Transient recovery voltage generally occurs because of current chopping phenomena before natural current zero. In case of low current there may be a chance of current Chopping i.e. ARC INTERRUPTION before natural current zero, so whatever the stored magnetic energy i.e. 1/2 Li^2 present in the circuit is converted in to electrostatic energy i.e. 1/2 CV^2. So generated transient recovery voltage = (L/C)^1/2 X i
Now because of transient recovery voltage dielectric strength of dielectric medium may get deteriorate and there is a chance of reignition or restriking of ARC. At which Voltage level restrike of ARC occurs is called as restriking Voltage.
When the contacts of a circuit breaker start separating due to a fault current, an arc will be established between the contacts. After few cycles, this arc is interrupted as the dielectric strength of the arc space between the contacts builds sufficiently due to the removal of ionized particles and this will avoid continuation of the arc and the arc will be extinguished. When the contacts start separating the voltage across them starts increasing and will represent the voltage drop across the arc. Immediately when the arc is extinguished, a transient high frequency voltage appears across the contacts that also is superimposed on the power frequency voltage. The high frequency voltage tries to restrike the arc hence it is called restriking or transient recovery voltage and if succeeding will result in failure of current interruption.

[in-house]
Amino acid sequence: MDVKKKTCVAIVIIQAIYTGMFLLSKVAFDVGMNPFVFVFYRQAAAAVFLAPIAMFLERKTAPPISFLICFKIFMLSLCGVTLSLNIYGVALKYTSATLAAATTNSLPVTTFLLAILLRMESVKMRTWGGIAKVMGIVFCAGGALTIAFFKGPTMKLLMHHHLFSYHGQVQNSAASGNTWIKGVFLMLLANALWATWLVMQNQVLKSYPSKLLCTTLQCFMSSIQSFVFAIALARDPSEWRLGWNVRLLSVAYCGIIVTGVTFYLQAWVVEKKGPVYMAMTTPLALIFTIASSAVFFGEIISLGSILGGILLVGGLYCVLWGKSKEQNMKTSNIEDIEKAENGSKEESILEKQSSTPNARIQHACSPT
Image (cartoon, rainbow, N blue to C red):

In clear terms, this is the voltage that appears across the circuit breaker contacts that is responsible for restriking the arc immediately after its extension. The normal frequency (60 Hz) r.m.s. voltage that appears across the contacts of the circuit breaker after final arc extinction in the steady state is the recovery voltage and is equal to the system voltage.